-- Dan
0
IT, Stop Being Called Into Every Meeting

Highfive is so simple that setting up every meeting room takes just minutes and every employee will be able to start or join a call from any room with ease. Never be called into a meeting just to get it started again. This is how video conferencing should work!

 

Author Comment

by:rbradleyinetlp
Comment Utility
Are you saying you were able to copy strings into the string1 and string2 char*??

I tried this again and after the first pass in the for loop samp[0].string1 is undefined.  If I try to see its value in the Command Window I get the following.  In case something was changed I copied the code you pasted in.  If it is working for you I'm at a loss.

Command Window - Immediate
-----------------------------------------------------------------
? samp[0].string1
error: index '0' out of bound for pointer/array 'samp'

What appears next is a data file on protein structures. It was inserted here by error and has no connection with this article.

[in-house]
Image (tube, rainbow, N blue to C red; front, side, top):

? (Samp *)samp
0x00000000 { string1=<undefined value> }
    string1: <undefined value>
    string2: <undefined value>
? samp
{Samp} { string1=<undefined value> }
    string1: <undefined value>
    string2: <undefined value>
-----------------------------------------------------------------

This is immediately after the first pass through the for loop.
0
 

Author Comment

by:rbradleyinetlp
Comment Utility
Just for kicks I tried new/delete.  Result is the same.  I also tried calloc/free & new/delete with char arrays (no calls to DLL) and they works fine.

Samp *samp;
samp = (Samp *)new Samp[20];
samp[0].string1 = (char *)new char[10]; // does not generate an exception
strcpy(samp[0].string1, "hello");              // does not generate an exception but also does not copy data

//now I run the following commands in Command Window
//------------------------------------------------------------------------------
//Command Window - Immediate
//------------------------------------------------------------------------------
//? samp
//{Samp} { string1=<undefined value> string2=<undefined value> }
//   string1: <undefined value>
//   string2: <undefined value>
//
//? samp[0].string1
//error: index '0' out of bound for pointer/array 'samp'
//
//? (Samp *)samp
//0x00000000 { string1=<undefined value> string2=<undefined value> }